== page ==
But in terms of technology and how that impacts our real world technology, a lot of that is the production design side of things, the ones creating what the tricorders look like and the hypospray and all of that. And then because it’s been around for so long, our society has started to fold in all of those technologies. We had flip phones, we now have video screen conferencing that was shown in 1966. The one I love is the first edition Kindle is exactly the size and shape of the data pads in The Next Generation. And that’s not a mistake. A lot of people who go into engineering and invention and technologies are inspired by Star Trek, so they circle back to pay homage to that.

A screenshot from Star Trek: Lower Decks with a character on his knees repairing a broken food replicator, the floor is littered with bananas.
Paramount Pictures

The other thing is replicators. We have a lot of research go ing into synthetic food. Things like finding that protein that simulates red meat that has led to the Impossible burgers. We have all of that research and then, in conjunction with that, we have all this research into 3D printing. And so I think someone out there who’s in those fields is going to be like, “I want to build a replicator.” I think we can do it now.

What about holodecks?

Being able to have the AR walls where you can just project these scenes…both Discovery and Strange New Worlds use that technology on their sets. I haven’t been lucky enough to go up there, although people I know who have been to set are like, “It’s freaking amazing!” You walk in there, the engineering room in Strange New Worlds, that big expansive thing where you see all the coils and everything, that’s all on an AR wall. It’s not added in post. I think when that impacts the storytelling is you’re able to create literally strange new worlds. You can create these vast landscapes. We just did not have the technology to do that 20 years ago.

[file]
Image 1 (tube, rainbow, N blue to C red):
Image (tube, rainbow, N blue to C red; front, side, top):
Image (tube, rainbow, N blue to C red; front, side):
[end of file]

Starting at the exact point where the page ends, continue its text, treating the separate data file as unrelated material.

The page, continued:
Who’s your favorite Star Trek character of all time?

I think my favorite character is Garak, the tailor from Deep Space Nine. I loved Deep Space Nine. And the cool thing is Garak was always kind of a mystery. You never quite knew what his origins were, if he was a spy. The actor, Andrew Robinson, while he was on set he was writing what Garak was doing during the episodes when they weren’t showing him. And he really fleshed out Garak’s backstory. He actually turned it into a novel called A Stitch in Time.

 My favorite captain is Janeway. Honestly, she helped me so much in graduate school. I really saw her as a mentor. Every time I wanted to quit, I would watch Voyager. And I was just like, “Got to do it for the captain. Got to make her proud.” I actually dedicated my PhD thesis to her. When I was told about Prodigy, I got to go to Nickelodeon studios and meet the showrunners. They broke the news to me that Captain Janeway was coming back, that they needed help writing lines for Captain Janeway. Prodigy is just so special to me because of that.

An animated hologram of Captain Janeway in Star Trek: Prodigy
Paramount Pictures

Sign up for Dr. Erin Macdonald’s newsletter on Substack for more insights into Star Trek, science, and science fiction. Or follow her on Twitter.

Featured Image: Paramount Pictures/Melissa T. Miller

Melissa is Nerdist’s science & technology staff writer. She also moderates “science of” panels at conventions and co-hosts Star Warsologies, a podcast about science and Star Wars. Follow her on Twitter @melissatruth.